Antidepressants are one of the most widely prescribed drugs in the global north. However, little is known about the health consequences of long-term treatment.
Researchers from Bristol’s Centre for Academic Mental Health wanted to know if long-term antidepressant usage (over five and ten years) was linked to the development of six health issues: diabetes, high blood pressure, coronary heart disease, stroke, and related syndromes, and two mortality outcomes (death from cardiovascular disease and any cause).
They used data from UK Biobank, a large-scale biomedical database and research resource containing anonymized genetic, lifestyle and health information from half a million UK participants. They then linked comprehensive health data with prescription and disease data (using GP records) on 222,121 adults aged between 40 to 69 years old.
Once pre-existing risk variables were considered, the researchers discovered that long-term antidepressant usage was linked to an increased risk of coronary heart disease and an increased risk of mortality from cardiovascular disease and any cause. Non-SSRI antidepressants (mirtazapine, venlafaxine, duloxetine, and trazodone) posed the most significant dangers, with the usage of these medications linked to a two-fold increased risk of coronary heart disease, cardiovascular death, and all-cause mortality at ten years.
There was also some evidence that antidepressants, particularly SSRIs, were associated with a reduced risk (23 to 32 percent lower) of developing high blood pressure and diabetes. The reasons for these paradoxical findings are unclear. Further work is needed to understand the extent to which differences are due to the severity of the underlying depression or the way the different drugs work.
Dr. Narinder Bansal, the study’s lead author and Honorary Research Fellow at Bristol’s Centre for Academic Mental Health and Centre for Academic Primary Care, said: “While we have taken into account a wide range of pre-existing risk factors for cardiovascular disease, including those that are linked to depression such as excess weight, smoking, and low physical activity, it is difficult to fully control for the effects of depression in this kind of study, partly because there is considerable variability in the recording of depression severity in primary care.”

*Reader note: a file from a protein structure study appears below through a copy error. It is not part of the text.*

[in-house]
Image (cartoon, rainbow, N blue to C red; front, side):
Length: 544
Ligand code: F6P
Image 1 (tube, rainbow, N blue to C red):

“This is important because many people taking antidepressants such as mirtazapine, venlafaxine, duloxetine, and trazodone may have more severe depression. This makes it difficult to fully separate the effects of depression from the effects of medication. Further research is needed to assess whether the associations we have seen are genuinely due to the drugs and why this might be.”
“Meanwhile, our message for clinicians is that prescribing antidepressants in the long term may not be harm-free. We hope that this study will help doctors and patients have more informed conversations when weighing up the potential risks and benefits of treatments for depression.”
“Regardless of whether the drugs are the underlying cause of these problems, our findings emphasize the importance of proactive cardiovascular monitoring and prevention in patients who have depression and are on antidepressants, given that both have been associated with higher risks.”
“For anyone with concerns about their long-term use of antidepressants, we urge them to talk to their GP before they stop taking the medication. It is essential they do not stop taking them suddenly.”
- Narinder Bansal et al. Antidepressant use and risk of adverse outcomes: population-based cohort study. BJPsych. DOI: 10.1192/bjo.2022.563